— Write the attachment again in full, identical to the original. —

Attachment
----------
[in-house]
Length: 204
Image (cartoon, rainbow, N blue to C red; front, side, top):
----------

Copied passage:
[in-house]
Length: 204
Image (cartoon, rainbow, N blue to C red; front, side, top):